The biggest issue I see with the mass sending of content updates to every possible social network is: where to comment to get a reaction from the status creator. As a basic example, if you look below, Anil Dash has posted an update on Twitter which was sucked into Facebook. Three people have commented on Anil’s content. Will Anil respond to these comments? Does he even know that these comments have been posted? And do the people commenting understand that Anil may not even know that these comments exist? While it might not be important for a typical status update, if I ask a question seeking help, then it is important that I see the replies.
There is always talk that some updates belong on Twitter, some on Facebook and some on LI. But the truth is that it seems like people just want to pass along their content to whatever service will take it (most of you know my view is that 99% of updates are not needed). I am hoping that in 2012 both Facebook and LinkedIn will offer the option to turn off third-party aggregation. Such an option would instantly clean up my streams on all three services. The downside from the company perspective is that they would lose the updates that are so important for monetization.
During one of the cases on Judge Judy, the plaintiff provided a printout of some messages from Facebook. After the judge went over the messages related to the case, she spent the next 30 seconds providing possibly a great overview of the majority of messages, photos and videos posted as “social media”. Below is the video clip and here is a transcription:
- Judge Judy: can I ask you a question?
- Plaintiff: yes
- Judge Judy: this is your Facebook page?
- Plaintiff: yes
- Judge Judy: and this is you in this bathing suit?
- Plaintiff: yes
- Judge Judy: and i just want to know
- Plaintiff: yes, it is me up there
- Judge Judy: is there any reason you think this is an appropriate picture to send around the Internet?
- Plaintiff: I did modeling and this is a picture that I like and I feel that I wanted to post it
- Judge Judy: (breathes) I need to take deep breaths, I need to take deep breaths
- Bailiff Petri Hawkins-Byrd: It’s only going to get worse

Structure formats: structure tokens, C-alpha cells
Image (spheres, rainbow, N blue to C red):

Maybe the next time you post something on Twitter, Facebook, Google+, Instagram, Path, etc., ask yourself this question before clicking the submit button, “Judge Judy is wondering, is there any reason you think this is an appropriate x to send around the Internet?”
Continue reading “Did Judge Judy Just Sum Up Social Media? (video)” »
Another day, another battle of “Google+ is the future” vs. “Google+ is dead”. I am guessing we will see these back-and-forth posts for a long time. This week the hot thing to do on Google+ is to make circles of the same brands everyone else has and then share those circles with your followers who have probably already created the same brand circles.
One of the earliest supporters of Google+ was Edelman EVP Steve Rubel. Steve heads up the Global Strategy and Insights division for the global agency. Steve is a good speaker and I have always found Steve to have interesting insights and enjoyed our in-person conversations. He seemed to post/re-share to Google Plus numerous times every day throughout the earliest days and summer. Then slowly his postings started to become less frequent. If I remember correctly, Steve held multiple internal conferences with his colleagues to educate them about Google+ shortly after launch.
In early September, Edelman announced that they were selected as Twitter’s new PR firm. Did this new client signing influence Steve to spend more time on Twitter than Google Plus? Some of the conversations I had since the announcement seemed to think so but I am not sold on this idea because Steve’s job requires that he understand all of the networks so he can position them properly to Edelman’s staff and, in-turn, clients. Google evangelist Louis Gray noted the new Twitter-Edelman relationship when Rubel shared a post that questioned whether Google+ would be around for the long-term.
On October 20th, Rubel asked if, “Anybody Home” and he received over 20 responses including one from me. There have been no posts from Rubel until one early this morning where he posted the following message:
I have decided not to post here for the time being. I will leave my profile up. Google+ is great. I wish them luck. Really i do. But I have to make choices about where I spend my time and for me that’s Twitter, Facebook and soon Tumblr – where I will be doing more so. It’s where I get the most value for the time invested. So, adios for now. See you on one of those networks. I may change my mind one day, but right now this is my plan. See you online. / Steve